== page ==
After 1.5 years of hard work on a project, my former supervisor sent our paper to a journal. After about 10 hours, they sent the following response:

After careful internal editorial consideration of your manuscript, we regret to inform you that we have decided not to pursue further peer review. We receive an extensive number of quality manuscripts each week and must make difficult decisions regarding which to progress in the peer-review process. Generally, no editorial comments are available for papers that are not sent for external peer review.

My professor said that these kinds of things are happening frequently nowadays.

I supposed that is because of sanction (we are Iranian). Is this likely to be the case?

We are ordinary people with an academic background who caught up in tensions between countries and do not know what to do. I am going to pursue my Ph.D. in a university in Europe, Australia or New Zealand. In the admission board, they may look at my published papers sections on my CV, and with these kinds of behavior from international journals, I do not know what to do.

  • 31
    Two other common explanations could be: (1) the manuscript wasn't aligned with the journal's topic, or (2) the English-language mechanics of the manuscript were weak. Do you think either of those could be at play?
    – cag51
    Commented Feb 11, 2020 at 6:33
  • 4
    Another explanation could be that they have already published similar papers and so focus on other papers that are “new”...
    – Solar Mike
    Commented Feb 11, 2020 at 7:43
  • 45
    To me this sounds like a standard desk rejection, unfortunately journals are now swarmed with papers and don't have enough reviewers, editors need to make this choice more and more.My last paper for example was desk rejected by 5 journals, before finally going to a reviewer, and there are no sanctions against my country. Ironically, it ended up being accepted in a very good journal, better than at least 3 of the ones who desk rejected it.
    – Nick S
    Commented Feb 11, 2020 at 16:18
  • 9
    We have no idea what field you're in, but browsing through some of the indexes of major journals I can easily find thousands of papers with Iranian authors, from Iranian institutions, published over the past three years. This says nothing about the specific journal you've submitted to, but there seems to be no shortage of major scientific journals publishing papers of Iranian origin in recent years.
    – J...
    Commented Feb 11, 2020 at 17:56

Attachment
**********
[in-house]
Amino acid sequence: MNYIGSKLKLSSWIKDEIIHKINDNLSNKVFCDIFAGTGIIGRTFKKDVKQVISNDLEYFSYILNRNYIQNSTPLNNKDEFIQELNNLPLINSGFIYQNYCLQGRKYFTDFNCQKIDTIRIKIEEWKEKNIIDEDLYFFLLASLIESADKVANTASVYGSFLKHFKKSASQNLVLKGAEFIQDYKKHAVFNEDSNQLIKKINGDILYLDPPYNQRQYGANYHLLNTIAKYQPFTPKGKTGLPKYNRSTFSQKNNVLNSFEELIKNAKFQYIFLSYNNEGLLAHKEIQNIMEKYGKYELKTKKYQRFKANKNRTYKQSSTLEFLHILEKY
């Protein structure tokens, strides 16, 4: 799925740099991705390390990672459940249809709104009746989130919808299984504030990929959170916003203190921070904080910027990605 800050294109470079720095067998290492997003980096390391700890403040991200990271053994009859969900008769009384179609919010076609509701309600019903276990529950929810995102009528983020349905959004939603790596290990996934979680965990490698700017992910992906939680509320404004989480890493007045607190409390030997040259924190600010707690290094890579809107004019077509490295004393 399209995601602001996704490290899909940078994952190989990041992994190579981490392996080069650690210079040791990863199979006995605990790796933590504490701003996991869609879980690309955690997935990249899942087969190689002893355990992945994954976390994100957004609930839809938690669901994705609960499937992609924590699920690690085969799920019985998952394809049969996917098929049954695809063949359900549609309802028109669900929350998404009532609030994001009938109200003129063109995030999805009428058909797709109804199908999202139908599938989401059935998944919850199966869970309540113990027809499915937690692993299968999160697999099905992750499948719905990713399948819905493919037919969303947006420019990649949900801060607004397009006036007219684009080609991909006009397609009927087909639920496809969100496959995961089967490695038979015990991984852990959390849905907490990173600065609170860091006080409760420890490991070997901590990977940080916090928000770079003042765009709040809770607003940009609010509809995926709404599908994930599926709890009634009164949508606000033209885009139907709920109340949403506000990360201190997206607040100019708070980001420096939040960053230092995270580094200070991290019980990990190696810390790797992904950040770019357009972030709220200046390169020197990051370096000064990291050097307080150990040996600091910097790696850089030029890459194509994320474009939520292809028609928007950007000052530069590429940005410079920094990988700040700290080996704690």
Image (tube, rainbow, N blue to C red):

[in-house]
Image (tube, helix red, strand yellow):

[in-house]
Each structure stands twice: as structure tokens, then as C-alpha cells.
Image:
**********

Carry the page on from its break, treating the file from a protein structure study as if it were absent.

• 3
    If I were an editor unable to accept papers from Iran then I would make that clear when I replied to reject them - there's really no reason not to be honest about this policy if it exists (But I'm not an editor, so perhaps you shouldn't read too much into this comment)
    – DavidW
    Commented Feb 11, 2020 at 20:46

8 Answers 8


Speaking as an associate editor of a US-based journal that receives many international submissions, I can tell you that:

  1. There are absolutely no guidelines or even informal suggestions that any paper should be handled differently based on the nationality of the authors or their institutions.

  2. I have never heard of anyone making editorial decisions on such a basis or suggesting that they should.

  3. In my own opinion, which I believe is shared by most or all of the other editors, to do #1 or #2 would be highly unethical.

I couldn't even tell you, without going and checking one by one, whether any of the papers I have handled recently had Iranian authors, because it absolutely doesn't matter.

Edit: following up on @Allure's answer below (which links to some older information), it seems there is a very slim and rare legal basis that would hypothetically prevent some editors from handling some manuscripts from Iran and other countries under US sanctions. It definitely does not apply to the case discussed here, and would not be grounds for rejection since practically any major journal will have editors who are not bound by this restriction. The most clear and recent explanation I could find is (now dead; see update below). The current rules are the result of a 2004 lawsuit that overturned much more restrictive rules in place back then.